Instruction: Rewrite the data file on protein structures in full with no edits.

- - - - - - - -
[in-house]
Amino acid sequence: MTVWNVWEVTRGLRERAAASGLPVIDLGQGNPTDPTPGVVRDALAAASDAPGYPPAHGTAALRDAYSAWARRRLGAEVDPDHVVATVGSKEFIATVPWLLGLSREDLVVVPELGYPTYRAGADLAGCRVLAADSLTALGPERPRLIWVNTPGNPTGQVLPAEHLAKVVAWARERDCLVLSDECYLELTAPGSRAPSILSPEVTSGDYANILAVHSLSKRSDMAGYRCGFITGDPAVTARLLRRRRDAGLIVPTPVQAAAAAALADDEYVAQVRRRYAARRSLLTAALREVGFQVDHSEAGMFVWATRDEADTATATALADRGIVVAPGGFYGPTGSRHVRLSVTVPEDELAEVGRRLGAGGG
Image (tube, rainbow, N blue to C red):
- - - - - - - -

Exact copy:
[in-house]
Amino acid sequence: MTVWNVWEVTRGLRERAAASGLPVIDLGQGNPTDPTPGVVRDALAAASDAPGYPPAHGTAALRDAYSAWARRRLGAEVDPDHVVATVGSKEFIATVPWLLGLSREDLVVVPELGYPTYRAGADLAGCRVLAADSLTALGPERPRLIWVNTPGNPTGQVLPAEHLAKVVAWARERDCLVLSDECYLELTAPGSRAPSILSPEVTSGDYANILAVHSLSKRSDMAGYRCGFITGDPAVTARLLRRRRDAGLIVPTPVQAAAAAALADDEYVAQVRRRYAARRSLLTAALREVGFQVDHSEAGMFVWATRDEADTATATALADRGIVVAPGGFYGPTGSRHVRLSVTVPEDELAEVGRRLGAGGG
Image (tube, rainbow, N blue to C red):